Toyota received another subpoena requesting information about vehicle defects in June 2010. This time a federal grand jury in New York wanted company documents related to steering defects. Toyota said it’s complying with the subpoena, but it didn’t say which vehicle models were involved.
The subpoena request might relate to a National Highway Traffic Safety Administration (NHTSA) investigation into Toyota’s recall of SUVs and trucks in September 2005. The vehicles were recalled because of problems with their steering relay rods. The NHTSA is looking into whether Toyota notified the agency of the defect within five days as required by law.
Involvement by the grand jury raises the possibility of criminal charges being filed.
The snowball began rolling in August 2009 when a Lexus crashed, apparently because the gas pedal was stuck. Four people were killed. Six months later, in February 2010, the snowball has grown to about the size of New Jersey's population as over 8 million Toyota vehicles are being recalled for problems like:
- Faulty floor mats, which may be causing gas pedals to become stuck open
- Gas pedals that don't work properly and may become stuck open
These mechanical issues and claims of personal injury aren't Toyota's only problems.
Dozens of Toyota owners across the US have filed lawsuits against Toyota, but not because they've been injured because of a mechanical problem. Rather, these owners claim they've suffered "economic damages" because of the mechanical problems and massive recalls. What does that mean?
It's legal jargon meaning that the car owners have lost something of value and Toyota is responsible for making them whole again by paying for the loss. There are two main claims in these lawsuits. The mechanical problems and recalls have caused:
Lost value of the owners' cars, especially their resale value. This causes a loss on their investment, and it makes it harder to sell or trade-in their cars. There are reports that Edmonds, the National Automobile Dealers Association(NADA), and Kelley Blue Book have lowered the resale value of Toyotas by up to 3.5%, and it's expected to drop more.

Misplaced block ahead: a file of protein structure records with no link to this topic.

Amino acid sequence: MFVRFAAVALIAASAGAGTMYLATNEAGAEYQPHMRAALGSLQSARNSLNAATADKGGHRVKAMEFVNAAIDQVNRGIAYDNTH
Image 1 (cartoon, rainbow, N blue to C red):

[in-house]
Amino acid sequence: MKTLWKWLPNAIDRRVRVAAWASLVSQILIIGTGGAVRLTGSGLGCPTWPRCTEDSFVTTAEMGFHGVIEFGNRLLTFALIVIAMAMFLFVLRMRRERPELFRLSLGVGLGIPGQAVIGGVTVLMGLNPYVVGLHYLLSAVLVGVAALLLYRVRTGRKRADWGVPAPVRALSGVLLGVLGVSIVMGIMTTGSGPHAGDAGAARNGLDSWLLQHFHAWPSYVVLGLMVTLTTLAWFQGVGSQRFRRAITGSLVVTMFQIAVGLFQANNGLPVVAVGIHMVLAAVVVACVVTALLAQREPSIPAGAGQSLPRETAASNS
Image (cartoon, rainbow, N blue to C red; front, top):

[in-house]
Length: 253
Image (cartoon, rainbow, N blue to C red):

Loss of use. Some owners claim that the mechanical problems and recalls have caused them to stop driving their cars, at least until repairs can be made. In the meantime, they have to find others forms of transportation, like rental cars. This is not only is expensive, but inconvenient, too.
A "class action" lawsuit is where a group of people with the same or similar legal problem join together and file a single lawsuit. This allows the courts to resolve dozens or even hundreds of individual lawsuits or claims all at the same time.
Right now, Tim Howard, a faculty member at Northeastern University's law program, is trying to wrap all of the economic damage lawsuits against Toyota into one national class action lawsuit. He's leading a group or "consortium" of over 20 law firms with practices in 16 states.
The consortium plans to file individual lawsuits across the US. On March 25, 2010, the group plans to ask a California federal court to decide if the cases, and perhaps others already filed, can be joined together into a single class action suit.
Toyota owners affected by the company's mechanical problems and recalls have several options, including:
- Fix your car and that's it
- Contact an attorney to discuss if it's worth your while to file a lawsuit on your own to recover any damages you've suffered
- Join a class action lawsuit - If you get a notice in the mail about a class action lawsuit, you can either join it or "opt out" of the suit. Read any notice you get very carefully for instructions on how to join and what happens if you don't join the suit
- Check local and national newspapers (like USA Today) in the "Legal Notices" section to see if a class action suit has been filed in your area. The notice will give you instructions on who to contact to join the suit
A car - your car - is a big investment. Do what you can to protect it. You don't have to file a lawsuit, but if that's the only way to protect yourself completely, you should consider doing so.
Questions For Your Attorney
- Do I have to pay attorney's fees if I'm part of a class action?
- Can you start a class action, or do I have to join one that's already been filed? If it's filed in California do I have travel there for the trial?
- Don't class action lawsuits usually settle out of court? What if I join a suit but don't want to settle it?